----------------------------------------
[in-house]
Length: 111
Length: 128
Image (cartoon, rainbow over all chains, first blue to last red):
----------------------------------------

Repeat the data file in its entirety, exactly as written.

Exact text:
[in-house]
Length: 111
Length: 128
Image (cartoon, rainbow over all chains, first blue to last red):